BF Basics: Carb Confusion (Part Four)

Carbs and Fiber: YOU do the math…

You ever notice we WLS folk have NO problem talking about poo? Seriously. It’s an acceptable topic of conversation no matter where you are or what you are doing. So long as you are talking to other post-ops that is. It can (and has been) even discussed around the dinner table.

Why are we so obsessed with poo? Mainly because it is sort of a luxury to be “regular” post-op. I am proud to say that I am and I credit that mainly to the fact that I make sure to get adequate fiber every day.

Dietary Fiber
This is the term you’ll see on food packages. But what is Fiber? Again, we turn to our friends at Wikipedia:

“Dietary fiber or Dietary fibre or sometimes roughage is the indigestible portion of plant foods having two main components:

  • soluble (prebiotic, viscous) fiber that is readily fermented in the colon into gases and physiologically active byproducts, and
  •  insoluble fiber that is metabolically inert, absorbing water throughout the digestive system and easing defecation.”

Here’s what’s important to you. Dietary fiber is found in carbohydrates. Since our bodies cannot digest dietary fiber, it cannot be turned into glucose or glycogen or converted into fat.

Because of all this, there is a piece of terminology that I am sure you all are familiar with: net carbs. When looking at a food label, you’ll see the total amount of carbohydrates. Then, under that, there’s the amount of fiber, sugar, etc. The net carbs are the total number of carbohydrates grams minus the total number of dietary fiber grams. So if a food has 20g of total carbohydrates and 2g of dietary fiber, the net carbs would be 18g of carbohydrates.

The American Dietary Association recommends we get at least 25g of fiber every day. Why? Look at bullet point #2 above. Fiber absorbs water in the digestive system and sort of “scrubs out” the intestines, carrying out waste (poo). You like to poo? Eat your fiber!

Now, in order to get your fiber you have to take in carbohydrates, this goes without saying. The trick, then, is choosing the right foods to get a good balance of carbohydrates and other nutrients. Fresh fruits and veggies (when you are cleared for them) are obviously a good choice. And there are many grain products that give good fiber (100% whole wheat bread, quinoa, etc.). Beans are also an excellent source of fiber (hence the popular school rhyme. You know the one…”Beans, beans…good for the heart. The more you eat the more you…” well you get the point.)

Fiber Supplements

Because of the reduced amount of food we can eat post-op, it might be necessary for some of us to use fiber supplements (much in the way that we use protein supplements) to get some of our fiber. I just want to highlight that there’s nothing wrong with that (or nothing that I could find wrong with it). Fiber supplements tend to be low calorie and if they have any more carbs than the fiber they give, it’s usually very little.

Having said that, as you get further out from surgery, the other benefits of fiber (satiety and regulation of blood sugar) may prompt you to find more ways to get fiber from your food.
I’ve said it several times before but it bears repeating: you cannot get fiber without consuming carbohydrates. You NEED fiber for several purposes (some that I’ve outlined and others that I have not). Therefore, it stands to reason that you HAVE to eat some carbohydrates (and preferably ones that are good sources of fiber) in order to maintain the proper intake of…fiber!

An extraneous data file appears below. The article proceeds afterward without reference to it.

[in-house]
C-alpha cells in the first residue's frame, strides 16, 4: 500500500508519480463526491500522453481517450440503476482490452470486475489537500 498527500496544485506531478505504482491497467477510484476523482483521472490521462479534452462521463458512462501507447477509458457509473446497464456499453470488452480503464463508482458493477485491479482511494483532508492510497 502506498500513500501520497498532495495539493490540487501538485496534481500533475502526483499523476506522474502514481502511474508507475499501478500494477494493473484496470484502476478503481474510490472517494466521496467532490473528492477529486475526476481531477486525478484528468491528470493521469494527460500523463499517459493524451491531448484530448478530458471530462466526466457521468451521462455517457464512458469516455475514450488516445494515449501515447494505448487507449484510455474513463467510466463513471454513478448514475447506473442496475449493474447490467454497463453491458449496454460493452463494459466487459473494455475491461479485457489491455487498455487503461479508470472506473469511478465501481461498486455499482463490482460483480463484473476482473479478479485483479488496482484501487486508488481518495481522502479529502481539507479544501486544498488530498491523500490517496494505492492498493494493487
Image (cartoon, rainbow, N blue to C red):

The food industry and whole grain products

Food companies are notorious for trying to confuse us with packaging. There are some phrases that are meant to make you think you are getting a lot of fiber when may not be.

For instance, when a package says “5g of whole grains per serving.” That isn’t the same as fiber. That 5g of whole grains might only have 2g of fiber. While it’s great that the product is made with whole grains, you really do need to check the nutrition label to get a complete picture of what you are eating.

Also beware of bread packaging. Some loaves of bread will simply say “wheat bread” while some say “100% whole wheat.” Some might even say “enriched wheat bread.” These have very distinct meanings and those meanings do impact you.

So what does this all mean and how can you tell what you’re getting?

If you see a package that simply says “wheat bread” or “enriched wheat bread,” go straight to the nutrition information and look at the ingredients list. If whole wheat flour is not listed, what you probably have is white bread with some wheat germ added for the lovely brown color.

If a package says 100% whole wheat bread, you are probably getting bread that really was made with whole wheat flour, but it’s good to check the label just to make sure.

This is a lot of information, we know. But it’s important! So about fiber, here’s the breakdown of what you should know:

  • Dietary fiber can only be found in carbohydrates, therefore you have to eat carbohydrates to get them
  • Our bodies can’t digest fiber and can’t convert them into glucose or glycogen or fat for energy storage
  • Our bodies CAN use dietary fiber to clean out our digestive systems and for excretion (poo-ing)
  • Because dietary fiber can’t be digested, the amount of dietary fiber in food does not count toward the net amount of carbohydrates in the food we eat
  • The American Dietary Association recommends healthy people get at least 25g of fiber a day for good health
  • Vegetables, whole grains and beans are all excellent sources of fiber
  • Beware the packaging on bread products that say whole wheat. Always look at the ingredients to make sure that whole wheat flour is used.

 Part Three: A Time for Every Carb

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